Georgie Parker - AFLW - AthletesVoice
Georgie Parker - AFLW - AthletesVoice


What I don’t want people to say

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What I don’t want people to say


Eyes will be on me. I know they will. Olympian makes her AFLW debut. It’s a story.


I’m more nervous going into a footy training session than I was before an international hockey game. When I play hockey, I know what I’m doing. You’re always running to the right spot. After playing it for 20 years, you just know it.


With football, it’s different. I’m second-guessing myself with everything. I’m excited, but very nervous about the weekend.


I don’t want to do a disservice to hockey. I don’t want to do a disservice to being an Olympian.


And I don’t want to do a disservice to Collingwood for picking me and have other people thinking, ‘She’s just getting a token game’. I don’t want that.


This pressure isn’t coming from external factors. It’s me placing it upon myself. I wanted to earn my spot. The coaches have stressed to me that I’ve done that. It’s really reassuring.


I don’t care about stats or anything like that. I just want to play my role for the team. It won’t be a big fancy role. It will just be to help the other girls do the best they can, then go from there and see how I play.


I hope people say, ‘She’s strong, fearless, and uses her body well’. I don’t want them to be surprised by me. I just want them to be thinking, ‘We expected that of her,’ in terms of my physicality.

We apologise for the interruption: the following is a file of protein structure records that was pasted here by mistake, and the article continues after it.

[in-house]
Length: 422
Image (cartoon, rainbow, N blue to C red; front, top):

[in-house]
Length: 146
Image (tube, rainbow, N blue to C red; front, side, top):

It’s probably more about what I don’t want them to say. ‘Oh well, that was embarrassing.’ ‘Not quite what we expected!’ Those kinds of things.


I’m feeling good. I had a lot of hope when I first signed with the Magpies – wanting to play, and not sure if I was actually going to get the opportunity. So it’s nice that the hard work over the past few months of training has finally paid off.


The rookie list is a hard position to be in because you’re training just as hard and as much as everyone else, but you’re kind of waiting for an injury. It’s not a nice feeling. You’re not wanting it to happen but you’re needing it to happen to actually play a game.


It’s really bitter-sweet, but at the same time it’s an opportunity for me and I have to take it and play as best as I can.


I do think it’s going to be a weird feeling. It’s as if I’m going to debut for Australia again. But even on a bigger scale.





As a kid, I played hockey because I was too rough for netball and there wasn’t any other sport where you could run on a big field and be pretty physical. So mum put a hockey stick in my hand and I’m forever thankful for that. It was an amazing career.


After Rio, I was living and playing for a club in Antwerp when I decided to call it quits on international competition. You think in four-year blocks. The next Olympics in Tokyo are in 2020 and I was like, ‘I’ll be 31, 32’. The Hockeyroos had a new coach coming in, I didn’t really want to commit for another four years, so I thought, ‘I’ll stop now, so I can enjoy my time in Europe a little bit more than if I had a regime I had to stick to in terms of international stuff’.